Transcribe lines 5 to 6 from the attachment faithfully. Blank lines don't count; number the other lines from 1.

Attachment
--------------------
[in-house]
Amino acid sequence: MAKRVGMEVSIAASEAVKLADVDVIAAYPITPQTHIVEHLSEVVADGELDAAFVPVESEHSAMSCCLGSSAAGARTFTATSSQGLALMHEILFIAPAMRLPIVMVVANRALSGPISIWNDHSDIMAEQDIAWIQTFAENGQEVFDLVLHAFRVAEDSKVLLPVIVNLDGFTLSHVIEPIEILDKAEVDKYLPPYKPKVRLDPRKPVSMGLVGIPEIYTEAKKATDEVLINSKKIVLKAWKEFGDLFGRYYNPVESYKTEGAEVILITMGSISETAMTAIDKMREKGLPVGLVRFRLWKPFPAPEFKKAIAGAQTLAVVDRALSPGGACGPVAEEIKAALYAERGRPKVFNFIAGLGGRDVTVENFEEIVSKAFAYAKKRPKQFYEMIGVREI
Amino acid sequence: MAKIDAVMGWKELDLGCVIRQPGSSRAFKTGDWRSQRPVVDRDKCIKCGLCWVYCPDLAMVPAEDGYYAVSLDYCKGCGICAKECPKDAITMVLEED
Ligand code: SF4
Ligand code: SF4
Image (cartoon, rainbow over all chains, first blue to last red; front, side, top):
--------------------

Ligand code: SF4
Image (cartoon, rainbow over all chains, first blue to last red; front, side, top):